According to Bangkok Post, the 49-year-old man died earlier this week of a lung infection. Despite claims by immigration authorities that they had taken good care of his health, rights activists said Abdullah had been seriously ill for more than three weeks but was not allowed to go to the hospital until he finally collapsed.
February 27, 2023
Representative Image. Image Credit: ANI
he death of an Uyghur detainee, Aziz Abdullah at Bangkok's Immigration Detention Centre, is the epitome of the government's mishandling of those escaping China's southwestern Xinjiang region as well as the Muslim minority group's long-forgotten plight on Thai soil, Bangkok Post reported. According to Bangkok Post, the 49-year-old man died earlier this week of a lung infection. Despite claims by immigration authorities that they had taken good care of his health, rights activists said Abdullah had been seriously ill for more than three weeks but was not allowed to go to the hospital until he finally collapsed.
Upon being taken to the hospital, Abdullah was pronounced dead. His death led to an outcry from rights advocates who are now urging the government to find humane solutions to end the group's suffering. Abdullah, a farmer in a remote part of Xinjiang, arrived in Thailand with his pregnant wife, his brother and seven children in 2013. He was among nearly 200 Uighurs escaping Beijing's oppressive rules.
When Thai authorities arrested Abdullah and his family in southern Thailand, their dream of reaching Turkey via Malaysia was shattered. Abdullah ended up in a detention cell, while nothing about his wife and children was mentioned. According to Bangkok Post, the Uyghur issue has tainted Thailand's human rights record for far too long. Back in 2015, as preparations were underway to send Uyghur asylum seekers to a third country, the junta government succumbed to Beijing's pressure, swiftly deporting more than 100 of them to China. The fate of the deportees is unknown.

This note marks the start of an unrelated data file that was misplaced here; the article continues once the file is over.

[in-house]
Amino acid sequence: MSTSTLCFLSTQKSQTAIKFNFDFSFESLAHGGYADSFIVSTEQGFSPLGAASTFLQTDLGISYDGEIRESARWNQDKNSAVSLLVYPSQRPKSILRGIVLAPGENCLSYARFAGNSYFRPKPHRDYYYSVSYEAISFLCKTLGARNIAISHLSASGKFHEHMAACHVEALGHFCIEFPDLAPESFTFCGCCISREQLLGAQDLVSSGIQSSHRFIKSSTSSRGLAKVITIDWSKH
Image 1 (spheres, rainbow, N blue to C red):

It is an open secret that the junta made this controversial decision to appease China in a show of gratitude for Beijing's support at a time when it was ostracised by the western world over the coup by Gen Prayut Chan-o-cha and the National Council for Peace and Order in 2014, according to Bangkok Post. A report released by Washington-based Uyghur Human Rights Project recently accused UNESCO of violating its own standards by failing to acknowledge Beijing's actions towards Uyghurs and other Turkic minorities in China, US-based Voice of America (VOA) reported.
These actions by Beijing include "destroying built heritage and desacralizing religious traditions, criminalizing grassroots cultural practices while using their staged representations to promote China's chosen political narratives." UNESCO, which stands for United Nations Educational, Scientific and Cultural Organization, "continues to acknowledge China as a protector of Uyghur, Kazakh and Kyrgyz heritage in the Uyghur region," says the report co-authored by Rachel Harris and Aziz Isa Elkun, according to VOA. (ANI)